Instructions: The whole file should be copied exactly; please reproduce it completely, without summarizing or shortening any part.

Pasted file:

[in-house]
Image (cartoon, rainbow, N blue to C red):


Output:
[in-house]
Image (cartoon, rainbow, N blue to C red):